from chicken egg white
for Molecular Biology
Catalog Number L7651
Storage Temperature –20 °C
CAS RN 12650-88-3
Synonyms: Muramidase; Lysozyme c;
Lysozyme is a single chain polypeptide of 129 amino
acids cross-linked with four disulfide bridges.1 It
hydrolyzes β(1→4) linkages between N-acetylmuraminic acid and N-acetyl-D-glucosamine residues in
peptidoglycan and between N-acetyl-D-glucosamine
residues in chitodextrin.2,3 The enzyme is often used for
lysing bacterial cells by hydrolyzing the peptidoglycan
present in the cell walls. Gram-positive cells are quite
susceptible to this hydrolysis as their cell walls have a
high proportion of peptidoglycan. Gram-negative
bacteria are less susceptible due to the presence of an
outer membrane and a lower proportion of
peptidoglycan. However, these cells may be hydrolyzed
more easily in the presence of EDTA that chelates
metal ions in the outer bacterial membrane.4,5
This lysozyme preparation is purified from chicken egg
white, crystallized three times, dialyzed, and supplied
as a lyophilized powder. Protein content by UV
absorbance is ≥90% with the remainder (∼10%) being
buffer salts such as sodium acetate and sodium
This highly purified enzyme preparation has been used
in mass spectrometry as a protein mass calibration
standard and in structural studies of proteins.6-8 It is
suitable for use as a lysing agent in the purification of
plasmid DNA using a boiling lysing technique.
Molecular mass:10 14,307 Da (amino acid sequence)
Isoelectric point (pI):
E1%(281.5 nm):12 26.4 in 0.1 M potassium chloride
EmM (280 nm):13 36
The activity of lysozyme is a function of both pH and
ionic strength. The enzyme is active over a broad pH
range (6.0–9.0). At pH 6.2, maximal activity is observed
over a wider range of ionic strengths (0.02–0.100 M)
than at pH 9.2 (0.01–0.06 M).13
Lysozyme is inhibited by indole derivatives, which bind
to and distort the active site, and imidazole, which
induces the formation of a charge-transfer complex.14
It is also inhibited by surface-active agents such as
sodium dodecyl sulfate, sodium dodecanate, and
dodecyl alcohol. Other compounds of these types with
carbon chains of 12 or more carbons in length will also
The natural substrate for lysozyme is the peptidoglycan
layer of bacterial cell walls. However, a variety of low
molecular mass substrates including murein
degradation products as well as synthetic compounds
have been used for various photometric, isotopic, and
immunological lysozyme assays.16
The following low molecular mass lysozyme substrates
(Catalog Number M5639, a fluorogenic substrate)
(Catalog Number N8638)
Lysozyme activity: ≥40,000 units/mg protein
Unit definition: One unit will produce a change in A450 of
0.001 per minute at pH 6.24 at 25 °C, using a
suspension of Micrococcus lysodeikticus as substrate,
in a 2.6 ml reaction mixture (1 cm light path).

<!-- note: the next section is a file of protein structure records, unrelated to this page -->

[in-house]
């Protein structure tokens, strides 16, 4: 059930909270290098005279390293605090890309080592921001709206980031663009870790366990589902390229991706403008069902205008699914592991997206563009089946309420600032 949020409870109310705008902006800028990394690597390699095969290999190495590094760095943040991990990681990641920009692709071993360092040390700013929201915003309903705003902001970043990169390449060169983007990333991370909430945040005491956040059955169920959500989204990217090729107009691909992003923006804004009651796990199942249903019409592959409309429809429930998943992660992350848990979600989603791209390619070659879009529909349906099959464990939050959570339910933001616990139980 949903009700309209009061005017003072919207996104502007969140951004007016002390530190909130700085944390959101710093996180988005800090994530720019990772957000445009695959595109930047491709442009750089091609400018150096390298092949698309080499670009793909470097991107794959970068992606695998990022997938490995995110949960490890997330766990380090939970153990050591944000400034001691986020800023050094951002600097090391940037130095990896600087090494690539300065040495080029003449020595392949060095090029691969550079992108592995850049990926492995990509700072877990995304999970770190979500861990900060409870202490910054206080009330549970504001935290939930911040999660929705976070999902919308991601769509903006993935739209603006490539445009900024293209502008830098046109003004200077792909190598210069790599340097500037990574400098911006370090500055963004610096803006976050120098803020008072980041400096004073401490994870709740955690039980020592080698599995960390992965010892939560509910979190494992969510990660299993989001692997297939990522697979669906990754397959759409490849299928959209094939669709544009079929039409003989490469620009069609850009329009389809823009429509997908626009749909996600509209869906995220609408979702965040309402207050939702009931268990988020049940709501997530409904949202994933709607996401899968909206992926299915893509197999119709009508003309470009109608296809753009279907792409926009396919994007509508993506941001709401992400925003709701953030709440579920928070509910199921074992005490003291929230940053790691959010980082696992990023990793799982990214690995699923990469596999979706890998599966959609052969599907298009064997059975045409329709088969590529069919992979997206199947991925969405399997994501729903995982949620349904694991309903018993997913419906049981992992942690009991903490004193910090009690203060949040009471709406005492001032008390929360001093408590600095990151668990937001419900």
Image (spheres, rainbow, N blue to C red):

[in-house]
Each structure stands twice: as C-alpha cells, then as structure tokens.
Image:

Precautions and Disclaimer
This product is for R&D use only, not for drug,
household, or other uses. Please consult the Material
Safety Data Sheet for information regarding hazards
and safe handling practices.
For E. coli cell lysis, use a freshly prepared lysozyme
solution (10 mg/ml) in 10 mM Tris-HCl, pH 8.0.
The product is also soluble in water (10 mg/ml) yielding
a clear to slightly hazy colorless solution. Aqueous
solutions should retain activity for at least one month
when stored between 2–8 °C.
The product, as supplied, should be stored at –20 °C.
When stored at –20 °C, the enzyme retains activity for
at least 4 years.
Solutions (pH 4–5) remain active for several weeks if
The following procedure is for the lysis of E. coli. It may
be used as a guideline for other species. The optimal
pH for E. coli cell lysis is 8.0±0.1.9
1. Incubate E. coli (strain ATCC 37017) bearing the
pBR322 plasmid overnight in Terrific Broth (Catalog
Number T0918) with 25 µg/ml tetracycline (Catalog
Number T3383) and 25 µg/ml ampicillin (Catalog
2. Centrifuge 1–2 ml samples of the overnight culture.
3. Resuspend the pellets in 350 µl of STET buffer
(10 mM Tris-HCl, pH 8.0, with 0.1 M NaCl, 1 mM
EDTA, and 5% [w/v] TRITON X-100).
4. Add 25 µl of a freshly prepared lysozyme solution
(10 mg/ml in 10 mM Tris-HCl, pH 8.0).
5. Mix by vortexing for 3 seconds.
6. Incubate the lysis mixture for 30 minutes at 37 °C
7. After incubation, place the tube containing the lysis
mixture in a boiling water bath for exactly
8. Centrifuge the lysis mixture at 14,000 × g.
9. Remove the pellet (cell debris) from the tube using
a sterile toothpick.
10. Plasmid DNA from the supernatant may then be
purified and analyzed.
1. Jolles, P., Angewandte Chemie, International
Edition, 8, 227-239 (1969).
2. Rupley, J.A., Biochim. Biophys. Acta, 83, 245-255
3. Holler, H., et al., Biochem., 14, 2377-2385 (1975).
4. Schutte, H., et al., Biotech. Applied Biochem., 12,
5. Vazquez,-Laslop, N., et al., J. Bact., 183, 23992404 (2001).
6. Galvani, M., et al., Electrophoresis, 22, 2058-2065
7. Abgar, S., et al., Eur. J. Biochem., 267, 5916-5925
8. Sethuraman, A., et al., Proteins: Structure, Function
and Bioinformatics, 56, 669-678 (2004).
9. Sambrook, J., et al., in Molecular Cloning, a
Laboratory Manual, Cold Spring Harbor Laboratory
Press, (Cold Spring Harbor, NY: 1989) p 1.29.
10. Canfield, R.E., J. Biol. Chem., 238, 2698-2707
11. Wetter, L.R., et al., J. Biol. Chem., 192, 237-242
12. Aune, K.C., et al., Biochem., 8, 4579-4585 (1965).
13. Davies, R.C., et al., Biochim. Biophys. Acta, 178,
14. Swan, I., J. Mol. Bio., 65, 59-62 (1972).
15. Smith, G., and Stoker, C., Arch. Biochem. Biophys.,
21, 383-394 (1949).
16. Holtje, J.V., EXS, 75, 105-110 (1996).
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